8 Fibre Types
- The last lecture
explained how myoblasts fuse together to form multinuclear myofibres,
with the oldest myofibres passing through a myotube stage of
development and the youngest myofibres passing through a secondary
fibre stage of development.
- The formation of myofibres from mesodermal
cells through a series of transitional cell types (premyoblast,
myoblast and myotube or secondary fibre) is a classical example
of cellular differentiation.
- Cellular differentiation leads to an efficient
and mutually advantageous division of labour among the tissues and
of the body.
- In skeletal muscles, physiological
differentiation continues after
have been formed and have reached a functional state.
- Physiological differentiation creates populations of
fast- and slow-contracting myofibres with appropriate sources of
energy for contraction, either aerobic (using blood-borne oxygen
for complete oxidation of
substrates) or anaerobic
(incomplete oxidation of carbohydrates without need
- A key point to remember is secondary fibres developed around
myotubes - so myotubes are located centrally within a fasciculus
(bundle of myofibres).
8.2 Red and White Muscle
Red and white muscle is a concept widely used by both
meat traders and consumers. An obvious example is the comparison
of breast meat with leg meat in chickens. The breast meat is
white. The leg meat is red. Another example is seen in
whole cross sections through a cured ham. The outer muscles are
less pigmented than deep muscles around the bones. Although
not as clearly different as in the chicken, the less pigmented
superficial ham muscles are called white muscles and the heavily
pigmented deep ham muscles are called red muscles. Finally, we often
use the term white meat for all types of chicken and veal, in contrast
to red meats such as beef and lamb. A little confusing, eh? Keep in
mind these two points.
Consider these two points together. We will only SEE differences between red and
white muscles when the overall degree of species pigmentation is medium
(pork) or low (chicken). Physiological differentiation certainly exists
in beef - there are both fast- and slow-contracting muscles - but we
cannot easily SEE the
- Each of our meat animals has some degree of physiological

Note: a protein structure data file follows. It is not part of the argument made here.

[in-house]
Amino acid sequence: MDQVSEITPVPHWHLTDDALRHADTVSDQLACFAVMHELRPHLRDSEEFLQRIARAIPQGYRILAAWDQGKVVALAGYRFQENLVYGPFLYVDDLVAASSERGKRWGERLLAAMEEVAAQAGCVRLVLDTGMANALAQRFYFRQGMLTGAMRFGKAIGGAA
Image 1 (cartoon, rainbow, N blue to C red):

differentiation among muscles. Fast-contracting muscles are
needed for locomotion. Slow-contracting muscles are needed for
respiration, chewing and maintaining posture.
- There are differences among our species of meat animals in
their overall degree of muscle pigmentation. Beef is darker than lamb,
lamb is darker than pork, and pork is darker than chicken or turkey.
The final point - IT IS THE
MYOFIBRES WHICH ARE PHYSIOLOGICALLY DIFFERENTIATED. Nearly
all muscles in our meat animals have a balance of fast- and
slow-contracting myofibres. If most myofibres in a muscle are
fast-contracting, then the overall contraction speed of the muscle is
fast (a white muscle). If most myofibres in a muscle are
slow-contracting, then the overall contraction speed of the muscle is
slow (a red muscle).
The image above shows a thin slice of pork illuminated from below
and viewed with a low-power microscope. A fasciculus fills most of the
image. Individual myofibres are clearly visible. The central
myofibres are heavily pigmented with myoglobin.
The surrounding myofibres have very little myoglobin. This is a white
muscle. Most myofibres have a low concentration of
myoglobin. If we attempted the same demonstration with white
chicken breast meat - we would see no heavily pigmented myofibres. If
we attempted the same demonstration with any beef muscle - we would see
all myofibres heavily pigmented.
Myoglobin is very soluble and is located inside myofibres
in living animals. But fluid leaks from myofibres in meat, and so
myoglobin colours the juices lost from meat in the supermarket.
Haemoglobin is the red pigment
within red blood cells (erythrocytes).
Meat animals are exsanguinated at slaughter. THERE IS NO
HAEMOGLOBIN IN MEAT. The fluid leaking from meat does not contain
any blood. The fluid leaking from meat does not contain any
haemoglobin. The only traces of haemoglobin we sometimes find in
meat or meat juices come from a few erythrocytes remaining in
capillaries. The wiggly blue lines in the image below are capillaries
running on the surfaces of myofibres in beef (they have been stained
with methylene blue dye).
- It is important to remember, in
the living animal, oxygen is brought to the surfaces of
myofibres by haemoglobin in erythrocytes. From here, the transport of